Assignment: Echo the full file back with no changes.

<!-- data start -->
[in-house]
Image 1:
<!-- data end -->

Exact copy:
[in-house]
Image 1: